In the section on Epidemiological applications: “For example, assessment of R0 from surveillance data requires careful control of the variation of the reporting rate and the intensity of surveillance. Inferring the demographic history of the virus population from genetic data may help to avoid these difficulties and can provide a separate avenue for inference of R0.” It is important to note that inferences from genetic surveillance can be biased by variable surveillance effort as well. (For example see Stack et al. (2010) J Roy Soc Interface 7: 1119-1127)
Response: We've revised the text here to include a suitable warning and a reference to Stack et al.
Other possible extensions (not mandatory, but desirable): Given the widespread use of BEAST and similar software for phylodynamic analyses, it may be useful to have a section describing these packages briefly (or even just linking to their pages elsewhere). Also, a section describing how phylodynamics research is affected by different sequencing methods would be a great addition, since sequence data is the raw material for phylodynamics analyses and the field has certainly been altered by the rise of whole genome sequencing, beyond-consensus sequencing, and so on.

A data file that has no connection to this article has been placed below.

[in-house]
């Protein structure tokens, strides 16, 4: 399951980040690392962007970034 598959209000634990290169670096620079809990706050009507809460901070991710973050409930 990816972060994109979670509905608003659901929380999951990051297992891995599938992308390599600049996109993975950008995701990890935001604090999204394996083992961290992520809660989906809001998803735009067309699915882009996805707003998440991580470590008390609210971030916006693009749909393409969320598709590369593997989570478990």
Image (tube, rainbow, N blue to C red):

Response: We have included a new section ('Future directions') at the end of the manuscript discussing advances in sequencing technologies, and how these advances will extend phylodynamic approaches beyond the RNA virus sphere. We agree that software is an important aspect of phylodynamic research. However, we feel that the inclusion of specific section on software is beyond the scope of this already lengthy review.
In the lead section, if it fits with style guidelines, it would be helpful to add some references to the sentence starting with 'Phylogenies of viruses have been used to ….'.
Response: We've revised these examples to include appropriate references.
Text references to figures 2 and 3 imply that they will show examples from hepatitis B virus, measles virus, and rabies virus – but they show ‘idealized caricatures’ instead. The caricatures are fine, but the text should be clarified.